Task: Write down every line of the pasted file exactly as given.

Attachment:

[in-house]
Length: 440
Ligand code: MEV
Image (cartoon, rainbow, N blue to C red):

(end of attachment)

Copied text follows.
[in-house]
Length: 440
Ligand code: MEV
Image (cartoon, rainbow, N blue to C red):